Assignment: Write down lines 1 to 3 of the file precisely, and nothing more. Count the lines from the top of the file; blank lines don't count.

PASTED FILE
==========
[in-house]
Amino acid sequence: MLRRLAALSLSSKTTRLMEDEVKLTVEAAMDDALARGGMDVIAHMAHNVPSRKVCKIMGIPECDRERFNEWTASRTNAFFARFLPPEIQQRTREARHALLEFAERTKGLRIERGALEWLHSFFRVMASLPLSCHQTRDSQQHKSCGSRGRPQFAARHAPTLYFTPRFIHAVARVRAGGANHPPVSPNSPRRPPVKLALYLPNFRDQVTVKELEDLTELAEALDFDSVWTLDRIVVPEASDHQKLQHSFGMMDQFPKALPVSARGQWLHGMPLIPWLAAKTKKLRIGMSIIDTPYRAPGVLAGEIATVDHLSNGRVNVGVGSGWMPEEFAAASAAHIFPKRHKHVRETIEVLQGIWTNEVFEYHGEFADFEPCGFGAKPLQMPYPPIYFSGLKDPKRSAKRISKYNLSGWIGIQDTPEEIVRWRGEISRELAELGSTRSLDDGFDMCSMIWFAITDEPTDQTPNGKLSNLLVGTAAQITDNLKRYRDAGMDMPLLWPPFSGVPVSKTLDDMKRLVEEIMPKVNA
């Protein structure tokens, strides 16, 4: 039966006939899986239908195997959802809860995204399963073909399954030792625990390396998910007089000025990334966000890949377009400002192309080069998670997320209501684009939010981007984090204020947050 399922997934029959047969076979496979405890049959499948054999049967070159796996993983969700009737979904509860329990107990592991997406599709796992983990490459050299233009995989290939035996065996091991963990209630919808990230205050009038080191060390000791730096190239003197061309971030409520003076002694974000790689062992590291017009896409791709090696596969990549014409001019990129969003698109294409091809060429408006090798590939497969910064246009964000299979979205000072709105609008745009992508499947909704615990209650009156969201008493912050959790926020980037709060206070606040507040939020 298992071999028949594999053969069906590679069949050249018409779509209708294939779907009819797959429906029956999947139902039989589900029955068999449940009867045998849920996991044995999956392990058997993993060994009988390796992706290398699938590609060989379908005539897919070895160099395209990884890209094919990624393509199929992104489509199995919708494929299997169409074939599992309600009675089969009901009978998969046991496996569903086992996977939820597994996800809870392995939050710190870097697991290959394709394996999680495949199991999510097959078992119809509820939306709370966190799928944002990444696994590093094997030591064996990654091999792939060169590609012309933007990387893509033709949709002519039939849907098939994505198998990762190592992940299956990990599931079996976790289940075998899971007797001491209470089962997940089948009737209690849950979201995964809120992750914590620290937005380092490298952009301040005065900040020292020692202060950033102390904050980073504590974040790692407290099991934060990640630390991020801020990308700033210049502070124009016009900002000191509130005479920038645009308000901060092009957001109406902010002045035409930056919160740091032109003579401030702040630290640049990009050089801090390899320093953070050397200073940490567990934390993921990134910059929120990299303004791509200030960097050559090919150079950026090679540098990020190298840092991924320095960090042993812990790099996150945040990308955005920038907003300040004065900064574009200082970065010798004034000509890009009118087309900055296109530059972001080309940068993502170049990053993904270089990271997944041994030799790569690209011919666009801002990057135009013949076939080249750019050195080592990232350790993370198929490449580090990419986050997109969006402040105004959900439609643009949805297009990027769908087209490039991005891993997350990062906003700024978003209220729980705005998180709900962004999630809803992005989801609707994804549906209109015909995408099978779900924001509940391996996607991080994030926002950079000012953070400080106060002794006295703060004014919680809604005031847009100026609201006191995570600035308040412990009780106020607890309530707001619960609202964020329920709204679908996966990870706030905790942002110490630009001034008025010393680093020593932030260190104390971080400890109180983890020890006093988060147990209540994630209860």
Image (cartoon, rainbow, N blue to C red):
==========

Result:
[in-house]
Amino acid sequence: MLRRLAALSLSSKTTRLMEDEVKLTVEAAMDDALARGGMDVIAHMAHNVPSRKVCKIMGIPECDRERFNEWTASRTNAFFARFLPPEIQQRTREARHALLEFAERTKGLRIERGALEWLHSFFRVMASLPLSCHQTRDSQQHKSCGSRGRPQFAARHAPTLYFTPRFIHAVARVRAGGANHPPVSPNSPRRPPVKLALYLPNFRDQVTVKELEDLTELAEALDFDSVWTLDRIVVPEASDHQKLQHSFGMMDQFPKALPVSARGQWLHGMPLIPWLAAKTKKLRIGMSIIDTPYRAPGVLAGEIATVDHLSNGRVNVGVGSGWMPEEFAAASAAHIFPKRHKHVRETIEVLQGIWTNEVFEYHGEFADFEPCGFGAKPLQMPYPPIYFSGLKDPKRSAKRISKYNLSGWIGIQDTPEEIVRWRGEISRELAELGSTRSLDDGFDMCSMIWFAITDEPTDQTPNGKLSNLLVGTAAQITDNLKRYRDAGMDMPLLWPPFSGVPVSKTLDDMKRLVEEIMPKVNA
């Protein structure tokens, strides 16, 4: 039966006939899986239908195997959802809860995204399963073909399954030792625990390396998910007089000025990334966000890949377009400002192309080069998670997320209501684009939010981007984090204020947050 399922997934029959047969076979496979405890049959499948054999049967070159796996993983969700009737979904509860329990107990592991997406599709796992983990490459050299233009995989290939035996065996091991963990209630919808990230205050009038080191060390000791730096190239003197061309971030409520003076002694974000790689062992590291017009896409791709090696596969990549014409001019990129969003698109294409091809060429408006090798590939497969910064246009964000299979979205000072709105609008745009992508499947909704615990209650009156969201008493912050959790926020980037709060206070606040507040939020 298992071999028949594999053969069906590679069949050249018409779509209708294939779907009819797959429906029956999947139902039989589900029955068999449940009867045998849920996991044995999956392990058997993993060994009988390796992706290398699938590609060989379908005539897919070895160099395209990884890209094919990624393509199929992104489509199995919708494929299997169409074939599992309600009675089969009901009978998969046991496996569903086992996977939820597994996800809870392995939050710190870097697991290959394709394996999680495949199991999510097959078992119809509820939306709370966190799928944002990444696994590093094997030591064996990654091999792939060169590609012309933007990387893509033709949709002519039939849907098939994505198998990762190592992940299956990990599931079996976790289940075998899971007797001491209470089962997940089948009737209690849950979201995964809120992750914590620290937005380092490298952009301040005065900040020292020692202060950033102390904050980073504590974040790692407290099991934060990640630390991020801020990308700033210049502070124009016009900002000191509130005479920038645009308000901060092009957001109406902010002045035409930056919160740091032109003579401030702040630290640049990009050089801090390899320093953070050397200073940490567990934390993921990134910059929120990299303004791509200030960097050559090919150079950026090679540098990020190298840092991924320095960090042993812990790099996150945040990308955005920038907003300040004065900064574009200082970065010798004034000509890009009118087309900055296109530059972001080309940068993502170049990053993904270089990271997944041994030799790569690209011919666009801002990057135009013949076939080249750019050195080592990232350790993370198929490449580090990419986050997109969006402040105004959900439609643009949805297009990027769908087209490039991005891993997350990062906003700024978003209220729980705005998180709900962004999630809803992005989801609707994804549906209109015909995408099978779900924001509940391996996607991080994030926002950079000012953070400080106060002794006295703060004014919680809604005031847009100026609201006191995570600035308040412990009780106020607890309530707001619960609202964020329920709204679908996966990870706030905790942002110490630009001034008025010393680093020593932030260190104390971080400890109180983890020890006093988060147990209540994630209860």